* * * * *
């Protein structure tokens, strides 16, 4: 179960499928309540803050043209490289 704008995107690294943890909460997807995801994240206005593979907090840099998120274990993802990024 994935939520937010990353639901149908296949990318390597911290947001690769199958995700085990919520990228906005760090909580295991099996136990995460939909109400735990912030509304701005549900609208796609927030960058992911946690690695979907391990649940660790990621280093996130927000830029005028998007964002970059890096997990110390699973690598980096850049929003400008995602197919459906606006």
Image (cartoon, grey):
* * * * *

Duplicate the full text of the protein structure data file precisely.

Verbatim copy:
């Protein structure tokens, strides 16, 4: 179960499928309540803050043209490289 704008995107690294943890909460997807995801994240206005593979907090840099998120274990993802990024 994935939520937010990353639901149908296949990318390597911290947001690769199958995700085990919520990228906005760090909580295991099996136990995460939909109400735990912030509304701005549900609208796609927030960058992911946690690695979907391990649940660790990621280093996130927000830029005028998007964002970059890096997990110390699973690598980096850049929003400008995602197919459906606006």
Image (cartoon, grey):